September 2, 2014
Today I arrived at work ready for anything—so I thought… I was still surprised when I learned that I would be heading down to Beaujolais country for the day. Beaujolais is about one hour south of Volnay and consists of a series of hills which make up the “cru” Beaujolais areas. As I suspected, the vines for Beaujolais nouveau (a very light, fruity wine meant to be drunk within months of production) are found on the flat plains in the valley while the more serious, traditional “crus” are all on hillsides. Vines have been planted here since Roman times and while the Cote d’Or produces arguably some of the most remarkable wines in the world, I think Beaujolais has some of the world’s most beautiful hillside vineyards. The ancient, goblet-style, gnarly Gamay vines remind me of old head trained Zinfandel vines back home in California.
The lovely town of Fleurie with its splendid church and charming downtown was our destination. Our trip was in conjunction with a Beaujolais cru project that was started this year. So I’ll have the somewhat unique opportunity to experience a harvest in both Beaujolais and Volnay this fall—very exciting! After a very full day of winery preparation, fork-lift receiving, and checking sugar levels with a refractometer, I was treated to a drive through the picturesque Moulin-a-Vent and St. Amour cru areas on our way home.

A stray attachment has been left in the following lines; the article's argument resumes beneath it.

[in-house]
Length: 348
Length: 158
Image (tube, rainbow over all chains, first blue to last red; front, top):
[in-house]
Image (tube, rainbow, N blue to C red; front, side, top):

After work Monsieur Lafarge took me to a meeting at the Viticulture and Enology school in Beaune where a few hundred wine business folks were gathered to hear lectures on the upcoming harvest: presentations on everything from current grape sample lab numbers for all the various appellations in the Cote d’Or to vineyard pests and diseases, to legal requirements for hiring harvesters. And of course afterwards there was a reception with Cremant de Bourgogne (tasty sparkling wine produced locally). Another interesting day.